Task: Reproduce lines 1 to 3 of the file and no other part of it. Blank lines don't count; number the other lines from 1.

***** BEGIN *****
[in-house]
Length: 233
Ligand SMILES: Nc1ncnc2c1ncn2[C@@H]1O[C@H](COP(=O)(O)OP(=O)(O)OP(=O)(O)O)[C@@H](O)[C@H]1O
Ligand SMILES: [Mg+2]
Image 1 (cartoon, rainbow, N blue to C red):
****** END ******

[in-house]
Length: 233
Ligand SMILES: Nc1ncnc2c1ncn2[C@@H]1O[C@H](COP(=O)(O)OP(=O)(O)OP(=O)(O)O)[C@@H](O)[C@H]1O